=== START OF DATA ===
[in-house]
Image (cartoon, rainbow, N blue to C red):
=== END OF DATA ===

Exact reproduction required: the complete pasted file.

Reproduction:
[in-house]
Image (cartoon, rainbow, N blue to C red):